LNP members oppose 'flawed' Gold Coast cruise terminal

Queensland Government MP Alex Douglas says most Liberal National Party (LNP) members oppose a cruise ship terminal on the Gold Coast.

The LNP Government and the Gold Coast City Council is soliciting expressions of interest to develop part of the Southport Broadwater and expect the private sector to develop the area.

Dr Douglas, the Member for Gaven, addressed about 2,000 protesters on the Spit yesterday, saying his party's plan is expensive and dangerous.

"I said that the current proposal to put a cruise ship terminal in the Broadwater is flawed," he said.

He has also previously tabled his concerns in State Parliament.

"Coffee rock is at a depth that you would have to blast it to get rid of it and it's of course poisonous and very hard," he said.

"You can't economically do it either because the cost of doing so is horrendous." Dr Douglas says the party's own rank-and-file reject the proposal.

"All of the party all believe the same thing - there seems to be a lack of understanding, possibly of people who ought to know better," he said.

He says some LNP elders have back-flipped.

"John-Paul Langbroek, Lawrence Springborg, have all spoken in opposition to exactly this type of proposal before," he said.

"There's plenty of film footage of them saying exactly the same thing." Dr Douglas says the proposed development flies in the face of LNP policy.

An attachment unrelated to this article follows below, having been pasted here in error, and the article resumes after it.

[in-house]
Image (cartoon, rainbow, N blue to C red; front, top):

He says the National Party and the LNP have previously rejected development in the area.

"There was no consultation - it was just an announcement that was it - straight into an announcement," he said.

"We've got over 14,000 members across the state - we've resolved that we will guarantee this land in perpetuity for parklands and successive leadership teams have restated it." 'Misunderstood' agreement However, Deputy Premier Jeff Seeney has shrugged off Dr Douglas's claims the cruise ship terminal would be against LNP policy.

Mr Seeney says the process is about seeing what is possible.

"There is no Broadwater project yet," he said.

"What the expressions of interest will bring to the surface if you like is whether or not there are any viable projects that can be considered.

"People misunderstand the agreement that was reached between us and the Gold Coast City Council was to explore the possibilities and to allow the market to bring forward what they believe is possible." Mr Seeney says it is reasonable the Government explores possibilities for the development of a cruise ship terminal on the Gold Coast.

The proposal is being pushed by Gold Coast Mayor Tom Tate and Mr Seeney says it should be investigated.

"The Gold Coast City Council and the current mayor were elected on a platform and are very strongly supportive of the development of a Gold Coast cruise ship terminal," he said.

"We, as the State Government, have been negotiating with them since they were elected about how the proposal might be developed." Meanwhile, Mr Springborg declined to comment, while Mr Langbroek and Councillor Tate could not be contacted for comment.

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